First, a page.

the committee because he believed that his past professional
    association with Mr. Chagnon raised the appearance of a conflict of

    The low point may have come in November 2001, when the anthropology
    association released a preliminary report by the committee. Two of its
    six members promptly objected, saying that the report contained
    material that they had neither read nor approved ([69]The Chronicle,
    December 3, 2001). At the association's annual meeting that month,
    several scholars complained that the report appeared to ignore certain
    serious allegations in Mr. Tierney's book.

    The committee's [70]final report was completed in May 2002 and
    released to the public two months later. Like other investigative
    bodies, the committee found that Mr. Tierney's most sensational
    allegation -- that Mr. Neel had acted negligently during the measles
    epidemic -- was false. The report found merit in several of Mr.
    Tierney's other charges, however. The committee encouraged the
    association to take steps to improve scholars' ethics in the field and
    the discipline's relationship with indigenous people ([71]The
    Chronicle, July 2, 2002).

    The final report came under immediate and heavy criticism from several
    scholars. Chief among them were Thomas A. Gregor, a professor of
    anthropology at Vanderbilt University, and Daniel R. Gross, a staff
    researcher at the World Bank. Mr. Gregor and Mr. Gross charged that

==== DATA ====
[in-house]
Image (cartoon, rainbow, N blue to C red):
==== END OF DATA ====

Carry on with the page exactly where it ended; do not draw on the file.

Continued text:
the committee's report amounted to a formal inquiry into Mr. Chagnon's
    and Mr. Neel's behavior, and that, as such, it violated a 1998
    resolution in which the association vowed that it would not adjudicate
    charges of misconduct against its members.

    The critics also said that the panel's composition was biased, that
    Mr. Chagnon had not been afforded due process, and that the
    association's Web site had propagated (in "comments" pages associated
    with the task-force report) a new stream of lurid and unsubstantiated
    allegations against Mr. Chagnon.

    Last fall, Mr. Gregor and Mr. Gross offered a resolution to rescind
    the association's acceptance of the report. The association's members
    voted on the resolution by mail in April and May, and the results were
    announced late last week. The resolution passed, 846 to 338.

    The resolution requires the association to widely publicize the
    decision to rescind the report, and to explain the reasons for doing